31 August 2013
The NASA Earth Observation website has another example of a recent large rock avalanche in Alaska. Once again this event was detected by Colin Stark, Goran Ekstrom and Clément Hilbert of Columbia University using the global seismic network. This approach gives pretty good data on the size, duration and run-out distance of the landslide; the location of the event was then pinned down by NASA staff using Landsat 8 satellite imagery. The location is in in Wrangell-St. Elias National Park just east of Mount Jarvis.
The NASA site provides images of the landslide a few hours before failure and a few days after. This is the pre-failure image, which was collected by the French Pleiades satellite sensor:
Note the tension cracks, which have been highlighted on the image, showing active deformation. The location of the landslide just above the snout of the glacier is interesting – I wonder if this is a coincidence.
The post-event image shows the landslide very clearly:
The landslide has clearly detached as defined by the pre-failure tension cracks and then descended straight almost across the valley. There is some evidence of super-elevation on the opposite valley wall, and the landslide seems to have preferentially deposited larger boulders in this area. The flow has then turned 90 degrees to flow down the valley. The shape of the glacier snout is still visible beneath the debris, suggesting that the landslide ran over the ice rather then entraining it. The runout distance is not particularly great for a landslide of this size (the estimated volume is about 20 million tonnes). The valley is now blocked by the debris, suggesting that a lake will develop (there is already a small pond).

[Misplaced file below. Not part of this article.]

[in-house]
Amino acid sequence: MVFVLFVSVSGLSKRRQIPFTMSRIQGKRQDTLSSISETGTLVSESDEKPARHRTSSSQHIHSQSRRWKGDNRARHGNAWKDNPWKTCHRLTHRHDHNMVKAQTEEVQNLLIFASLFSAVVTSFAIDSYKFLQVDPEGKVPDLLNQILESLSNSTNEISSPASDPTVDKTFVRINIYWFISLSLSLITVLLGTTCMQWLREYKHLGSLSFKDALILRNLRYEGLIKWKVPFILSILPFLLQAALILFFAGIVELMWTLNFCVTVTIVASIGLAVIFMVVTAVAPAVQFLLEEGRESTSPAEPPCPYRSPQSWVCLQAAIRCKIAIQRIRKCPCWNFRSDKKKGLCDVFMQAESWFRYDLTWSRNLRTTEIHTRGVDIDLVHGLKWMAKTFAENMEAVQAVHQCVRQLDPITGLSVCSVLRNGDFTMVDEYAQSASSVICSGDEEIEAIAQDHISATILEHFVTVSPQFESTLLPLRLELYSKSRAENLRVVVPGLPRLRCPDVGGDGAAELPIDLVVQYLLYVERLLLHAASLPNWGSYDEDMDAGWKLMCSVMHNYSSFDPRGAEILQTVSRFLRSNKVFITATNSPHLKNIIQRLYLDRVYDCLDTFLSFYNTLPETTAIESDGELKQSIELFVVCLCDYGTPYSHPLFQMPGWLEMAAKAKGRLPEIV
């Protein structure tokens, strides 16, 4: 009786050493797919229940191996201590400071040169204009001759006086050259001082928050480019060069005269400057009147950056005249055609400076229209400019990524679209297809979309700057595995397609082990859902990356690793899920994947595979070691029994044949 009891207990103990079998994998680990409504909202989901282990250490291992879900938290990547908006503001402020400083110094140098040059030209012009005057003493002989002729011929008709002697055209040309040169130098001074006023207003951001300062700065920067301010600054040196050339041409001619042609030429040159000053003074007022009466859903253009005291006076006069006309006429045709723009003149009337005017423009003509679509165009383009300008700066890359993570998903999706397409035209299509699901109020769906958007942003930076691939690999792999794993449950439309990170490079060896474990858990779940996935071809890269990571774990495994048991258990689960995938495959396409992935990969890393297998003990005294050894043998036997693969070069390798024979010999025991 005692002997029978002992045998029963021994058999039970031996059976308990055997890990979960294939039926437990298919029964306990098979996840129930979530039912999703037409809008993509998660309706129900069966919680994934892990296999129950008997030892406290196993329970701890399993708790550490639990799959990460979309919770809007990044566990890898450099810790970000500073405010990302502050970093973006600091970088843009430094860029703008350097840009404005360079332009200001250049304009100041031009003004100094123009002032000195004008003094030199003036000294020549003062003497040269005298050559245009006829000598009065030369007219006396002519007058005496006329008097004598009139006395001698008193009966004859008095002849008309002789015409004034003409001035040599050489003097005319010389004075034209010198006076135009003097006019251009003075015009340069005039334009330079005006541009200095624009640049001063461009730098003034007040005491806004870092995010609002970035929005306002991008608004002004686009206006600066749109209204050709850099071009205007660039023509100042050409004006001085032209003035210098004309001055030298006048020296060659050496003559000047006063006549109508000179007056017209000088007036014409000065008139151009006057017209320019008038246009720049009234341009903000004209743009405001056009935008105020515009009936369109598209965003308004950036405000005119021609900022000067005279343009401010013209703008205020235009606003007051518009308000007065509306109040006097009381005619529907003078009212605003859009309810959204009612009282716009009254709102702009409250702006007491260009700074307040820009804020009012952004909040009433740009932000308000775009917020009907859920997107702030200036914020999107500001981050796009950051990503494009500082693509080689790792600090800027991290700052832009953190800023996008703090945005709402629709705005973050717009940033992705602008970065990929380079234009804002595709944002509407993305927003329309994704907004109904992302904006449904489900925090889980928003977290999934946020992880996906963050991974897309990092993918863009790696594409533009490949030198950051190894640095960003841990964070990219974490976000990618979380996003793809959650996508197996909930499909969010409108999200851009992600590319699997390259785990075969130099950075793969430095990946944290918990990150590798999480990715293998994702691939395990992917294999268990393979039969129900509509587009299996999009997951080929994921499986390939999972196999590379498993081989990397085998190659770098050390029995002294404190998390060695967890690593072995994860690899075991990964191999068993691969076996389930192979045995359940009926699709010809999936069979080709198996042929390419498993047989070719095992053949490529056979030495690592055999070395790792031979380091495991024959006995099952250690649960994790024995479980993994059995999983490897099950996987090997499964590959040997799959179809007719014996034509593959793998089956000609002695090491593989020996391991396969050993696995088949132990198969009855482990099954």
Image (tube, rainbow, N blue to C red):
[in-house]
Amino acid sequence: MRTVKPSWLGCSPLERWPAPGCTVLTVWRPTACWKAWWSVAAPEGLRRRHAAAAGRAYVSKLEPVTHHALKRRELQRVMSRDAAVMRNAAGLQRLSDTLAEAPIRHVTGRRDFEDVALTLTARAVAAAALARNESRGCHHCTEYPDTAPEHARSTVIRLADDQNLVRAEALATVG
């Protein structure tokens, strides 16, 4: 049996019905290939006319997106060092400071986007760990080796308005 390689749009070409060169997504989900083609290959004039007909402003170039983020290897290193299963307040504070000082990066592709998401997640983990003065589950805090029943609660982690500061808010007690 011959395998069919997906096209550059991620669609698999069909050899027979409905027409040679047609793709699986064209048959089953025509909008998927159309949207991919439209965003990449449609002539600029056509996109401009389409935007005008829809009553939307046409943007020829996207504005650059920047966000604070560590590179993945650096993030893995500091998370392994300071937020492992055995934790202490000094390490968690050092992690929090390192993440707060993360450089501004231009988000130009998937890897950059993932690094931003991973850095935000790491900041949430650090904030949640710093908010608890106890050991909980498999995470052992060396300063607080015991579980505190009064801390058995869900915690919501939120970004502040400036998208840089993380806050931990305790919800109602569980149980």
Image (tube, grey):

The landslide source area appears to have an interesting morphology, with a large bowl-shaped scarp in the upper slope, and a more linear shape lower down. This is not unusual for rock avalanches. On eastern side of the scarp there appears to be another tension crack, which may the start of the next failure. The NASA article considers the likely trigger of the landslide, with Colin Stark suggesting melting permafrost as being a potential factor. This is indeed the case, but it is worth noting that the progressive failure mechanism, which is commonly important in non-seismic rock avalanches, does mean that no triggering mechanism is required.